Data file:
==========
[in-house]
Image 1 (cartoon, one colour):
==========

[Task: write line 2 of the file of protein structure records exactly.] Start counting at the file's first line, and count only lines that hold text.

Image 1 (cartoon, one colour):